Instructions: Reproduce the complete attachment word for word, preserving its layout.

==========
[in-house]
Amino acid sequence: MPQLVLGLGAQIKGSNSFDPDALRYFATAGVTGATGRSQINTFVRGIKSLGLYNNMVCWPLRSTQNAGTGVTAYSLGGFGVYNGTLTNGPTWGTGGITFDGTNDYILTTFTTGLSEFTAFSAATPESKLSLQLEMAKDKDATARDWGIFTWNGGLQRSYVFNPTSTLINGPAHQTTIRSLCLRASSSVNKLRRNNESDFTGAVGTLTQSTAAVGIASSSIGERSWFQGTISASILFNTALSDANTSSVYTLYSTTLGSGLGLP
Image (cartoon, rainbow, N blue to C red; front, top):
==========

[in-house]
Amino acid sequence: MPQLVLGLGAQIKGSNSFDPDALRYFATAGVTGATGRSQINTFVRGIKSLGLYNNMVCWPLRSTQNAGTGVTAYSLGGFGVYNGTLTNGPTWGTGGITFDGTNDYILTTFTTGLSEFTAFSAATPESKLSLQLEMAKDKDATARDWGIFTWNGGLQRSYVFNPTSTLINGPAHQTTIRSLCLRASSSVNKLRRNNESDFTGAVGTLTQSTAAVGIASSSIGERSWFQGTISASILFNTALSDANTSSVYTLYSTTLGSGLGLP
Image (cartoon, rainbow, N blue to C red; front, top):